Weekly Food & Agriculture Update 3.23

Monday, March 23rd, 2020

WEEKLY FOOD & AGRICULTURE UPDATE

March 23, 2020

A quick look at what’s happening in Washington, D.C. that’s impacting food and agriculture. If you would like to subscribe to the receive the updates right to your inbox, please contact Marissa Dake


Big Picture Outlook

COVID-19 Legislative Update– As the coronavirus outbreak continues across the world, Congressional leadership, the Trump Administration, and government agencies at all levels are coordinating with private sector and nonprofit organizations to mitigate the disease spread and impact on the US economy. Congress continues to work on supplemental appropriations to address the impacts of the pandemic. On Wednesday, the Senate passed House Bill 6201, the Families First Coronavirus Response Act, with a vote of 90 to 8. The “phase two ” bill includes free testing and paid leave to certain workers. President Trump signed the bill into law on Wednesday night.

Now, lawmakers are working to pass a $2 trillion stimulus bill, estimated to be the largest in US history. Senators are negotiating the terms of the “phase three” plan, and House Speaker Nancy Pelosi (D-CA-12) said House Democrats will propose their own bill as well. The latest draft of the Senate’s bill included more than $15 billion for SNAP and $9 billion for child nutrition program funding.

On Thursday, The Trump Administration closed the US-Mexico and US-Canada borders for nonessential travel last week, in an effort to further mitigate the disease spread. Later that day, the Department of Homeland Security issued guidance instructing food and agriculture, among sixteen other critical infrastructure industries, to maintain normal operations during the crisis. The guidance calls on farm workers involved in animal agriculture, field crops, food and beverage manufacturing and delivery, those supporting groceries and pharmacies, and several others to continue their day to day work.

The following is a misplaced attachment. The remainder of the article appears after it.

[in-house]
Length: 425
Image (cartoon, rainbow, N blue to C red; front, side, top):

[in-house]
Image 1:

Labor a Top Issue for Ag– Amidst the chaos of the coronavirus outbreak, farm workers’ H-2A visa applications are stalled due to consulates closing. In 2019, more than 250,000 farm laborers had an H-2A visa, and those workers need reapproval from consulates this crop year. March and April are historically the heaviest months for visa applications. This time last year, DHS approved 28% of 2019’s applications. Farmers from across the agricultural supply chain have sounded the alarm, as this spring’s crops are at risk without adequate labor.

A group of ag industry stakeholders, led by the Agriculture Workforce Coalition, sent a letter to Secretary of State Mike Pompeo expressing “deep concern” with the Department of State’s decision to suspend regular visa processing at the US Embassy in Mexico City and all US consulates in Mexico. USDA reassured the industry that they are working with the State Department to ensure minimal disruption in the H-2A visa applications. The in-person interview that is typically required during the application process can be waived for any returning foreign workers, in an effort to help the workload for authorities.


Nominations & Confirmations
  • USDA Secretary Perdue swore in Devon Westhill as the Deputy Assistant Secretary for Civil Rights on March 13. Prior to this appointment, Westhill served as the Deputy Director of the Office of Public Liaison at the US Department of Labor.
  • President Trump nominated Rodney Brown, former president and CEO of the California Bankers Association, to join the Farm Credit Administration Board. This term expires in October 2024.
  • President Trump designated John Barsa to be acting administrator of the US Agency for International Development (USAID) on Tuesday, March 17. Barsa currently serves as the assistant administrator for USAID Bureau for Latin America and the Caribbean.
  • USDA named Sarah Campbell as the coordinator for the agency’s beginning farmers and ranchers team last week.
  • USDA Secretary Perdue announced last week that David Wu will serve as Deputy Assistant Secretary for Administration.

A Quick Look Back